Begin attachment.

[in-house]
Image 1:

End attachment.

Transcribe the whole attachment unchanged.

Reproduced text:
[in-house]
Image 1: